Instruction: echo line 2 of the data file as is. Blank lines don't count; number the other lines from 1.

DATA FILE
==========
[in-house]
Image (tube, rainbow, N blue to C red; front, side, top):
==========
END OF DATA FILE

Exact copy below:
Image (tube, rainbow, N blue to C red; front, side, top):